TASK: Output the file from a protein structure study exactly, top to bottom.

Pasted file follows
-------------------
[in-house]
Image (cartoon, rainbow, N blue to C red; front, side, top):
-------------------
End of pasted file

[in-house]
Image (cartoon, rainbow, N blue to C red; front, side, top):